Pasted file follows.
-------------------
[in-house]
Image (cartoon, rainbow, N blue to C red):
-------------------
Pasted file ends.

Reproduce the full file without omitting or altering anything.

[in-house]
Image (cartoon, rainbow, N blue to C red):